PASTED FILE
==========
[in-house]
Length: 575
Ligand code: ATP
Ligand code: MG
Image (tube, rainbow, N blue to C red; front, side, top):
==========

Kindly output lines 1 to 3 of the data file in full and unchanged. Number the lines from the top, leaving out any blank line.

[in-house]
Length: 575
Ligand code: ATP